What are Norwegian / Crusted Scabies?

Norwegian or crusted scabies is a parasitic, infectious disease which obtained its name when it was first referenced in mid-19th century in Norway. The condition can, however, be found anywhere in the world.

It is a much more extreme version of scabies. There are usually around 5 to 15 mites on the body in the case of common scabies but in this complication of the disease there can be thousands and sometimes millions of mites. The female mites burrow into the skin of the patient and can lay up to three eggs each day for her lifetime. It can take up to 14 days for a fully grown mite to develop.

Scabies mite

Sarcoptes scabies – the mite that causes Norwegian scabies.

The disease creates blisters and sores in one or more places on the body due to mites. The skin becomes crusted with grayish colored flakes which can disintegrate when touched. The skin beneath the crusts is red raw as well. However, in comparison to the more common form of scabies, it does not tend to cause itching.

Sometimes the disease can be mistaken for other skin conditions such as eczema and psoriasis which can look similar. The sooner the disease is identified and treated, the faster the risk of spreading the highly infectious condition is minimized. Further tests such as a skin biopsy can help to provide a conclusive diagnosis. The skin can also be examined carefully to see if there is any evidence of a burrowing mite.

The condition can affect any part of the body. For example, patients can develop it on their nails, scalp, and neck. Areas that it can particularly cover include finger webs, elbows, wrists, scrotum, and breasts. Sometimes the condition can completely cover the patient’s body.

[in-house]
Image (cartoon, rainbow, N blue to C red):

Who gets Norwegian scabies?

People whose immune system is very compromised can develop Norwegian scabies. Patients who are already suffering from scabies have also been known to develop this more severe version. Those who are most prone to the condition include:

  • Elderly people
  • Patients on steroid medicines
  • People with brain disorders
  • Pregnant women
  • Young children
  • People with Down’s syndrome
  • People with disabilities
  • Transplant recipients
  • Patients undergoing chemotherapy
  • Patients who have a condition that affects their immune system, e.g. HIV or AIDS

The condition is also very contagious, so people who develop it may have caught it from someone else or they can pass it on to other people themselves. To minimize the chances of this happening, the patient should not share clothes, bedding or other personal items with other people. Areas where the patient has been should also be carefully vacuumed to minimize traces of the disease. In general, it is essential for the patient to receive treatment as soon as possible for the condition to reduce the risk of spreading it.

Complications

The disease can lead to other, more life-threatening situations. The patient with the disease already has a compromised immune system. The tendency of the skin to flake off easily puts them at risk of also catching a bacterial disease such as staphylococcal, streptococcal, cellulitis or impetigo.

Treatment

Patients can undergo treatment with special chemical insecticides called scabicides. These can take the form of creams which are applied to the body. The patient may also need to take some antibiotics. As crusted scabies can be difficult to heal, the process may need to be repeated to shake the condition off.

Patients can be treated with keratolytic agents to help remove the affected skin. The medication permethrin has been used over a period of six weeks to treat people with Norwegian scabies. Ivermectin is another possible treatment. There has, however, been a reported resistance to latter at times.

Reviewed by Susha Cheriyedath, MSc

References

  1. http://www.nhs.uk/Conditions/Scabies/Pages/Complications.aspx
  2. http://www.medicinenet.com/what_is_norwegian_scabies-page2/views.htm
  3. http://www.cdc.gov/parasites/scabies/gen_info/faqs.html#crusted
  4. http://www.scabiesnurse.com/norwegian-scabies.shtml
  5. http://www.dermnetnz.org/arthropods/scabies.html
  6. http://www.ncbi.nlm.nih.gov/pmc/articles/PMC1153733/

Further Reading

Last Updated: Aug 3, 2017

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